VILNIUS – Lithuania is also looking into borrowing to fund its defense, among other options, Defense Minister Arvydas Anusauskas says.
In his words, borrowing would cost the state budget around 1 billion euros in interests over a decade, if the country borrowed enough to meet the needs of its national defense system.
"There are all sorts of proposals (...), and yes, one of them is borrowing, but it would cost one billion euros per decade to repay the debt. This (money - BNS) amounts to the need we have now," Anusauskas told reporters on Monday as a meeting on defense financing is taking place at the government office on the prime minister's initiative.
"The discussion is productive because everyone sees not only the needs but also where the taxes can come from by changing them," he said.
The need for defense funding is growing because of Lithuania's plans to host a German brigade, to create a light infantry division by 2030 and to increase the number of young people called up to serve in the army, Anusauskas said.
In his words, the need for funding would change if some projects were to be implemented under a public-private partnership. However, according to the existing data, an additional 400 million euros would be needed to implement the aforementioned projects already next year.
This would bring defense funding above 3 percent of GDP, compared to the existing 2.75 percent, he said.
The defense sector will get around 2.52 percent of GDP from the regular budget appropriations this year, and the rest will come from the bank solidarity levy that is set to expire next year.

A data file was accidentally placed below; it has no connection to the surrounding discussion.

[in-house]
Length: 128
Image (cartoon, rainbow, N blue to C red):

Anusauskas says the next three to four years will bring the biggest challenge for financing the national defense system "after which the pressure will ease".
Politicians are also looking into the possibility of increasing the VAT, Anusauskas said but he refrained to comment on this in detail.
"We are discussing all ways", he said, but refused to give his personal opinion on how he would propose to increase funding for national defense.
Lithuanian Prime Minister Ingrida Simonyte on Monday is meeting with political party leaders, business representatives, and trade union officials to discuss defense funding. Simonyte organized the meeting in an effort to find a solution on how to finance national defense after the two-year windfall profit tax on banks expires.
The prime minister convened the meeting to discuss what proposals could be tabled to the parliament in the spring session to ensure that resources for national defense can be planned for 2025.
Simonyte said earlier the aforementioned army plans would need additional funding of around 0.4-0.5 percent GDP on top of the 2.52 percent of GDP, already agreed by political parties.